E-cigarette use may result in a 21 percent drop in smoking-attributable deaths and a 20 percent drop in life-years lost in people born in 1997 or after, compared to what would happen if e-cigarettes were not an option, according to a new research model developed by top tobacco control experts from the United States, Canada, and Australia.
“Our model is consistent with recent evidence that, while e-cigarette use has markedly increased, cigarette smoking among youth and young adults has fallen dramatically,” says the study’s lead author David Levy, Ph.D., a population scientist and professor of oncology at Georgetown Lombardi Comprehensive Cancer Center.
Levy adds that “recent claims by some scientists that e-cigarettes are likely to act as a gateway to the use of tobacco products are overstated.”
If used instead of smoking, e-cigarettes have the potential to reduce harm and improve public health, Levy says.
“Our study indicates that, considering a broad range of reasonable scenarios, e-cigarettes are likely to reduce cigarette smoking and not lead to offsetting increases in harm from the use of e-cigarettes and more deadly cigarettes,” Levy says.
“When we consider the plausible positive and negative aspects of e-cigarette use, we find that vaping is likely to have a net positive public health impact.”
In fact, the new model projects a reduction of 21 percent in smoking-attributable deaths and 20 percent in life-years lost as a result of use of e-cigarettes in people born in 1997 or after.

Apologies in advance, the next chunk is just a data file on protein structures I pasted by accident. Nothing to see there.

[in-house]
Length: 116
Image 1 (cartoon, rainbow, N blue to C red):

Although Levy supports prudent FDA regulation of e-cigarettes, he is concerned that regulating e-cigarettes in the same manner as cigarettes will pose a burden to smaller companies who do not have the resources necessary to gain marketing approval for their products.
“Overregulation of e-cigarettes might actually stifle the development and marketing of safer products that could more effectively displace cigarettes,” he says.
Still, Levy supports the recent decision by the U.S. Food and Drug Administration to ban use of e-cigarettes to youth younger than 18 “because we still want to discourage use of all nicotine and cigarette products,” he says.
Levy also suggests that, despite their findings of an overall public health benefit from e-cigarettes, use of these products needs to be continuously monitored in young people, since use patterns are likely to change as the product and awareness about the product changes.
The findings are published in the journal Nicotine & Tobacco Research.